At the outset I felt that there must needs be certain surface barriers between the men and myself; but concealed beneath their mannerisms and mine I knew that there must be common feelings, emotions, and even ambitions. I therefore took up my life amongst them with a degree of sympathy, prepared to clasp the hand whenever I found it open. Their world was sufficiently different from mine to discount any preconceived theories. Any respect that may have been lacking for them as workers was thoroughly rooted and established before I left.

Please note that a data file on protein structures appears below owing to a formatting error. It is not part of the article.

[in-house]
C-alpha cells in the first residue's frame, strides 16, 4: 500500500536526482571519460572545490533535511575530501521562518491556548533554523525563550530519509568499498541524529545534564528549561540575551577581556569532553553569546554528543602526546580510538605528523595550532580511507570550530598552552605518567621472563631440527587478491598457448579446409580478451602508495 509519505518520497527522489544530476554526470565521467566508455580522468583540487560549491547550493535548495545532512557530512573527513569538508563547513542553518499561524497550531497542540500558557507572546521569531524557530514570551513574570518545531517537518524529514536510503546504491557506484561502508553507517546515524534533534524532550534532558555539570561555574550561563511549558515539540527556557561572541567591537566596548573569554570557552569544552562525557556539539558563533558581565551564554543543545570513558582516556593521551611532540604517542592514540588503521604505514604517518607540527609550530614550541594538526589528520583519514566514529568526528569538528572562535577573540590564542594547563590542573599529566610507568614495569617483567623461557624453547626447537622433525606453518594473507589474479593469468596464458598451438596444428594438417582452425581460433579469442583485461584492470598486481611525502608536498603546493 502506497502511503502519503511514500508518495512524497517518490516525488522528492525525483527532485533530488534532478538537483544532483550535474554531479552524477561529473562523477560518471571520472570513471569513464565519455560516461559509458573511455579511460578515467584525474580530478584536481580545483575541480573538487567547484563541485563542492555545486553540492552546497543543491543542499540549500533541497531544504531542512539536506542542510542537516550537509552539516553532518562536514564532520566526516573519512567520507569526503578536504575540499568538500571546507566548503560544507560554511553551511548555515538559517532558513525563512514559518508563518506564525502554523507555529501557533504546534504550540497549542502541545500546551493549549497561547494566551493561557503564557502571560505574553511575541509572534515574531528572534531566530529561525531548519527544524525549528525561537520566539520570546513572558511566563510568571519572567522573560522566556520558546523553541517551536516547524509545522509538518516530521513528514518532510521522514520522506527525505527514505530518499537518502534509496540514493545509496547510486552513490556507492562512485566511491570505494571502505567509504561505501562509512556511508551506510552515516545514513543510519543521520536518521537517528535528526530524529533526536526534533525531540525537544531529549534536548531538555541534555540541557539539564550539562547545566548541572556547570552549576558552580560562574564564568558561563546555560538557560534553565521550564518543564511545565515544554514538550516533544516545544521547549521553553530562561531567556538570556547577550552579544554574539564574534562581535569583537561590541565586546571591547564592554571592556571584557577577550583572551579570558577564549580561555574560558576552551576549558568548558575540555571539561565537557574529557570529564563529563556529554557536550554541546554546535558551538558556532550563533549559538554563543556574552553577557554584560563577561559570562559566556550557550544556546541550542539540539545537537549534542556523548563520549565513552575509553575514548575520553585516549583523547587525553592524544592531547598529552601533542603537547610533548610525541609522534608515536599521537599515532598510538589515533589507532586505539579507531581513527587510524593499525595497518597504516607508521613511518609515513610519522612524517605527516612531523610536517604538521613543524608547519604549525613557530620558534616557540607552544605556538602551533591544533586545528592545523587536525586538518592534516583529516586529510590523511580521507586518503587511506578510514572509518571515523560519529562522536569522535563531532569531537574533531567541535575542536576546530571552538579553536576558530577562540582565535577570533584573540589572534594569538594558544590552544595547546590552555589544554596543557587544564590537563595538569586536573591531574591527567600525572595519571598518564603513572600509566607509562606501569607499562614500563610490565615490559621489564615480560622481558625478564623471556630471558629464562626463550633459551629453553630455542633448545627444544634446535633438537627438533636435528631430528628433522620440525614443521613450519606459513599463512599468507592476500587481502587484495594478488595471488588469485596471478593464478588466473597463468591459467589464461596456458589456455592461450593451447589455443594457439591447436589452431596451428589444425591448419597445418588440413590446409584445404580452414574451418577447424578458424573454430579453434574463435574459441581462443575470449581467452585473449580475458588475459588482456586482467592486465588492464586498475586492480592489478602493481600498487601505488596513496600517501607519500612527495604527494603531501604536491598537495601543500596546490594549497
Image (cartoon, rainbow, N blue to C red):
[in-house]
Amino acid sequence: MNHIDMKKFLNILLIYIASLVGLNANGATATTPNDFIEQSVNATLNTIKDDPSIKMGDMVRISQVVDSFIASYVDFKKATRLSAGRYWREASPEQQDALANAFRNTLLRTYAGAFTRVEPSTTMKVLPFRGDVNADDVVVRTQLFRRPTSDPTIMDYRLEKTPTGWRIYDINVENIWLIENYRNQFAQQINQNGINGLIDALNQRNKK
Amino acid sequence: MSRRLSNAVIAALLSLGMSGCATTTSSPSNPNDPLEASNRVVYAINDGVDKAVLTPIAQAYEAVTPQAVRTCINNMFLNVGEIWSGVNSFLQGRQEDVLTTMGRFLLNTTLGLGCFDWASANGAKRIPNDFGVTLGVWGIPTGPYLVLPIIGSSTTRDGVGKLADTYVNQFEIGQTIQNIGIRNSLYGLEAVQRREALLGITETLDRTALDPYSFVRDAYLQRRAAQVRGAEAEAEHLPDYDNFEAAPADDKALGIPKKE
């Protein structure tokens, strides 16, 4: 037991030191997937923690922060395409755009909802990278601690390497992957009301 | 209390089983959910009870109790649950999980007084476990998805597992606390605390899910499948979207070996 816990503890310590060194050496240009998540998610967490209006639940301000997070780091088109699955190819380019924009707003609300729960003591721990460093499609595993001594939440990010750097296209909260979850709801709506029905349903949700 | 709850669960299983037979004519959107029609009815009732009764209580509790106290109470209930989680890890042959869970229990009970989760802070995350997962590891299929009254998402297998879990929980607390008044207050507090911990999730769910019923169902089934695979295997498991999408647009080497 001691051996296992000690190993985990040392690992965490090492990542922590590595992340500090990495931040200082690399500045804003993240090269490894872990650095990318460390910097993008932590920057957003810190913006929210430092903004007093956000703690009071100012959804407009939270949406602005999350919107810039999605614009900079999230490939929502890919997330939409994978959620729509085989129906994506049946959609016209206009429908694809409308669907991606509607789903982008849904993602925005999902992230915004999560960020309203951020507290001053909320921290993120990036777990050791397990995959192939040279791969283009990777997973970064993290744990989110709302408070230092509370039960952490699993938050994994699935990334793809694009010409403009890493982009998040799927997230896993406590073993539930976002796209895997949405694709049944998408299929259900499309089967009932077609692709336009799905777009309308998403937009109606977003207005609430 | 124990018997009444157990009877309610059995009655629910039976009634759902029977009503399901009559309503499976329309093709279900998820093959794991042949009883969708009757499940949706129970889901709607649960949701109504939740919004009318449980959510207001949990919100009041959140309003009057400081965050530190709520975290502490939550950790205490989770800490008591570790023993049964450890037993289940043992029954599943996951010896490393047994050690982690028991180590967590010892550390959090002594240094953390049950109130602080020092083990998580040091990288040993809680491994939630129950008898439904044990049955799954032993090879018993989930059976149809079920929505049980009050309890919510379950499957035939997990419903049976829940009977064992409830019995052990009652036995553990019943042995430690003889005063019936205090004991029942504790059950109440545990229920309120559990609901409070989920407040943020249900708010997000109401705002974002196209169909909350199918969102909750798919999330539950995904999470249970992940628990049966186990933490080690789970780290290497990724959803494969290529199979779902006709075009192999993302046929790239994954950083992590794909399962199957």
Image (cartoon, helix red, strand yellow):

Looked at from whatever point one chooses, pit work is serious labour. It has its compensations to be sure, but the amount of discomfort that pit-workers become accustomed to as part of their regular routine must be experienced to be appreciated. However severe manual labour a man may have to get his shoulder to above ground, he always has the advantage of two things which are usually lacking to the miners - a high roof above him, and daylight. The toilers in the pits must carry their own sunshine with them - and for the most part they do - and the nature of the work is such that it develops many of those qualities which go to make up splendid manliness, courage, determination, trust in their neighbours, and along with this a corresponding trustworthiness and dependence in themselves. A man should have a sturdy constitution to stay him in the darkness of the pit depths. Exercising every muscle severely, his body often bent more than double, splashing and wet with water from unseen founts, exposed to innumerable dangers from which there is no escape save through Divine Providence; these are not the things for a man physically poor to brave and endure rashly. Given constitutional fitness, however, these things make strong men stronger, and longevity tables show that as working men's lives run the miner's is a long one. Sudden climatic changes, or even the ordinary rigours of winter alternating with the heat of summer do not affect or even reach him. The demands upon his endurance, physical and moral, are constant and may be met only by long and arduous training.